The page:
Monday, August 15, 2005

Aged Bush Shui Xian

Today's review is the first of a few teas I tried from Imperial Tea Court. First I'd like to point out that their name isn't a stupid pun involving the word tea, a major point in their favor. Their tea comes in little shrink wrapped green packages however, which have 2 problems... they don't reseal, and they're translucent. Tea hates light, which is why most higher end companies put tea in opaque packages. Anyway, their prices are about average with some being quite reasonable, and this one at $180/lb is pretty middle of the road.

The concept of using an old bush as opposed to a young bush hadn't really occured to me, and I remain skeptical that it is gimmickery. At least we're back to Fujian province, makers of some "good-assed teas", second only to Wuyi as a region.

Aged Bush Shui Xian, Imperial Tea Court

Out of 5.
Overall - 3 1/2
Primary Flavors - 4
Secondary Flavors - 2
Aroma - 3
Finish - 3 1/2
Temperament - 2

This was an interesting tea in that it had properties and primary flavor of a straightforward classic oolong but acted more like a complex, fickle oolong in other ways. The initial flavor was similar to a staple like their Aged Oolong that had been made with too few leaves, but after a moment it passed and allowed the undertones to come through... a subtle chocolate with smoke taste that hung around for several seconds, albeit understated. It was pleasant enough, but the flavors didn't entice the way a really good monkey-picked coaxes you to chase them, burning through pot after pot. This is a good tea if you're tired of an agressive dim sum oolong but still want that toasted flavor.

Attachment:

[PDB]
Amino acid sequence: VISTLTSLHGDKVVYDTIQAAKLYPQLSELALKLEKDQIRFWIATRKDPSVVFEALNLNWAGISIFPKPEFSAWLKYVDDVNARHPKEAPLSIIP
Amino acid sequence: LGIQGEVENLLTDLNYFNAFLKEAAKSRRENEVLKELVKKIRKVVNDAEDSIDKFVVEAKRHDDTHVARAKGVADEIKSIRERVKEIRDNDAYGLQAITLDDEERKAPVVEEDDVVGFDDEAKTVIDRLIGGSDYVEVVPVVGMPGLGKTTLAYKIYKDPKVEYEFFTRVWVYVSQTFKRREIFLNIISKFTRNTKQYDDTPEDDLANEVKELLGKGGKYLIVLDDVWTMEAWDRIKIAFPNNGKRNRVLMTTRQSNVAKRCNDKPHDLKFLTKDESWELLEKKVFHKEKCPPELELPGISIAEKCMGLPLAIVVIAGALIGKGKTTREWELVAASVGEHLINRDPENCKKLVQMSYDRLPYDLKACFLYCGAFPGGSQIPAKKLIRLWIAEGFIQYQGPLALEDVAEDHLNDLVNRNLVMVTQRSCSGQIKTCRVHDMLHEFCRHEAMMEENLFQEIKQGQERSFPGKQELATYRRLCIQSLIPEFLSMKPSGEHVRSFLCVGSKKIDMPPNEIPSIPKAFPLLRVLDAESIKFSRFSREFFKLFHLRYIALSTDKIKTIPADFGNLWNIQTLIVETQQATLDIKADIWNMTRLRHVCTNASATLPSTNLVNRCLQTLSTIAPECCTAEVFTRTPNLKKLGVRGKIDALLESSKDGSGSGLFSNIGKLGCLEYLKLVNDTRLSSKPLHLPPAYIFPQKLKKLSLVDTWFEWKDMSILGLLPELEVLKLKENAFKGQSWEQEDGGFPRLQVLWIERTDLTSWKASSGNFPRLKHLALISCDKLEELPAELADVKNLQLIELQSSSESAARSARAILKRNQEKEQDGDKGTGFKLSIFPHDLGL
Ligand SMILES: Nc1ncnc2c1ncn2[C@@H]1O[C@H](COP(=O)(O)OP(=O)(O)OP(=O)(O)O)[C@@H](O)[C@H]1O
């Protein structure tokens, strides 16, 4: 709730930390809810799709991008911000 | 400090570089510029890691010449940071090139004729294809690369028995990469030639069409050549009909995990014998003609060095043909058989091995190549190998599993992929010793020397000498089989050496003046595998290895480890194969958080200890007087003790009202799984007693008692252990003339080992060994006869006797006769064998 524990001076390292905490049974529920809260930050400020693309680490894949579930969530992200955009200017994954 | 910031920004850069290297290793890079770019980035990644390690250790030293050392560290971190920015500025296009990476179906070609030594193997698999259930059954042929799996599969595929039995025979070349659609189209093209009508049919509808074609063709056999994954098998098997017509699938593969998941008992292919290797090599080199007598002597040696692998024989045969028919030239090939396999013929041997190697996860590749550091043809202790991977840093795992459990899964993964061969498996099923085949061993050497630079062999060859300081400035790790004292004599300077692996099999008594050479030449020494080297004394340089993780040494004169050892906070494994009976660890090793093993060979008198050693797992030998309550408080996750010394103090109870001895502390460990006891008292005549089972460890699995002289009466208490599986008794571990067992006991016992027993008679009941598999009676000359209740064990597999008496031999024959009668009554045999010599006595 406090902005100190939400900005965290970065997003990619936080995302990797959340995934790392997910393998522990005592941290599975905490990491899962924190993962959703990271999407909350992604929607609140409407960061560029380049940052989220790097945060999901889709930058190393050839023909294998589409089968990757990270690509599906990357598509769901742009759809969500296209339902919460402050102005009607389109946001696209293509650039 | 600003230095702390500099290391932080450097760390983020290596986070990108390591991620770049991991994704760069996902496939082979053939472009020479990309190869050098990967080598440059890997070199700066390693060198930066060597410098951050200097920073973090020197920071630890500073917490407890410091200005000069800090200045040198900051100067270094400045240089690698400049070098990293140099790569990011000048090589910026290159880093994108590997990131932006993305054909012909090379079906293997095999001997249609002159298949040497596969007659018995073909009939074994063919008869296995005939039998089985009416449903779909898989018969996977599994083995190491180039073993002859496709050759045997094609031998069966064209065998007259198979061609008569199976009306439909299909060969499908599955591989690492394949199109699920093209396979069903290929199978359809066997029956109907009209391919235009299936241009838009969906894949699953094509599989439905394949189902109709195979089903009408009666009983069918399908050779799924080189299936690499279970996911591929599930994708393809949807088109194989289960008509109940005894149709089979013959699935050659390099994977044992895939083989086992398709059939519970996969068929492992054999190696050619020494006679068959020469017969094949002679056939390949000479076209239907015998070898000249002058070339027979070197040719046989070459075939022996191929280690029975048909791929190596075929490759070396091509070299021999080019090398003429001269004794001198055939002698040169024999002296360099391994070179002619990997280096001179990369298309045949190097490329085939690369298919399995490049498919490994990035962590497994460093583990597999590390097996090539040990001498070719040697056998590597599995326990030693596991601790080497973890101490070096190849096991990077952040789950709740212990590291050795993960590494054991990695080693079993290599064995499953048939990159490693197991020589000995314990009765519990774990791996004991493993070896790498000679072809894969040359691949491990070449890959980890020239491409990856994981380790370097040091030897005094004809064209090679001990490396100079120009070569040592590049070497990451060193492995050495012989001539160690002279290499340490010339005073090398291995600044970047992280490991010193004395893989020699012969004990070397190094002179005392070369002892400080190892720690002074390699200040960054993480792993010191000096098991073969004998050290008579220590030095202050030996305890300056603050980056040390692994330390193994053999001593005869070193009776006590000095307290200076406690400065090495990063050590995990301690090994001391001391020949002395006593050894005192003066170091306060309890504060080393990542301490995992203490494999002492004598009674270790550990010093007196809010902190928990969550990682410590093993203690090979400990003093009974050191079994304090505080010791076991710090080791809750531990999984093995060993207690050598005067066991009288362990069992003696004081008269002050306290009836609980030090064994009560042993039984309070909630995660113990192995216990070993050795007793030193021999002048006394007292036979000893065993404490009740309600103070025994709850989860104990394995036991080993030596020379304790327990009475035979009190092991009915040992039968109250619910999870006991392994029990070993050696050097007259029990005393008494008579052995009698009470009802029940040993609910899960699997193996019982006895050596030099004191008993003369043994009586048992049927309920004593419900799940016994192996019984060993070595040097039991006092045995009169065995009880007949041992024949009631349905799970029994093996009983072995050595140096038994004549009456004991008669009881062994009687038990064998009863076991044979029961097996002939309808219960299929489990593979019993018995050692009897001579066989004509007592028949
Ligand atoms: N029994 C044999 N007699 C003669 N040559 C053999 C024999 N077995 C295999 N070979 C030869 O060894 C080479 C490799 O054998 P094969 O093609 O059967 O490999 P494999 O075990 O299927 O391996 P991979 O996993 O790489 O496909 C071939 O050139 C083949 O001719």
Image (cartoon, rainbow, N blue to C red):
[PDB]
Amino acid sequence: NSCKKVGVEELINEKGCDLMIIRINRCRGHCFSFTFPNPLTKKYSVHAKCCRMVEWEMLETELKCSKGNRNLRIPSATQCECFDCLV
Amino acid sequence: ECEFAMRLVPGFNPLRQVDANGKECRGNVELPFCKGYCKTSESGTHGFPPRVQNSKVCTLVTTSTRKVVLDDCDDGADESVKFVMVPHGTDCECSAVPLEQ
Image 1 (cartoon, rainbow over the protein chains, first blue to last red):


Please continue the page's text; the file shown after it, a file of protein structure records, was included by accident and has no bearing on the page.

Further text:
One downside of this complexity is that you can oversteep this tea, both with leaves and with time. This makes it a fairly difficult tea to work with - you want to be liberal enough to bring out the primary flavors but not to overdo it so the undertones stay in bounds. A long leaf, it worked well at 45-45-1:00-1:15. The 4th steeping was usually just to fill up the pot, this tea is only good for about 2 steepings before you're left with weak straightforward oolong which trails off quickly. Considering the care you have to take with it this isn't the end of the world though, you'll burn through it at a normal rate.

Wednesday, August 10, 2005

So I've referred a couple of times to the modifications I do to the traditional Gong Fu Cha style of tea making, adjusted for every day use. Since there are lots of variations it's probably easiest to just describe how I do it.

I take 1 tbsp of tight-rolled or 2 tbsp of dried-long tea, and put it in my 6, 10, or 12 oz teapot. The 12 oz is easiest and most common, as I can make fewer batches to fill my teapot, usually 2.